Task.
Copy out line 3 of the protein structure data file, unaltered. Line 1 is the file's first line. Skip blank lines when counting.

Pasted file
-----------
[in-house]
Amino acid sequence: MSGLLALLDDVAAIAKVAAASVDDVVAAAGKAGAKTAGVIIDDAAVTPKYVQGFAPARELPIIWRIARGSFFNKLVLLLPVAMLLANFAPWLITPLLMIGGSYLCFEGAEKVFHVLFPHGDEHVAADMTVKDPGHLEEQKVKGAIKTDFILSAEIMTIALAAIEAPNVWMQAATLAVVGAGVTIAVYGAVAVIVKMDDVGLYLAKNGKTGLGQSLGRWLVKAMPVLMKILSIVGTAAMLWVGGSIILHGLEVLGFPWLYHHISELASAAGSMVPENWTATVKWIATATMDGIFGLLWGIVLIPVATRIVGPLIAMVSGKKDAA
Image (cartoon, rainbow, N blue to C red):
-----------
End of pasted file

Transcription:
Image (cartoon, rainbow, N blue to C red):